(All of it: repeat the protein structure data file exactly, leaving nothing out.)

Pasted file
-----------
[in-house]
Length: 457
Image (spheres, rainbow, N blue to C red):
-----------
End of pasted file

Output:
[in-house]
Length: 457
Image (spheres, rainbow, N blue to C red):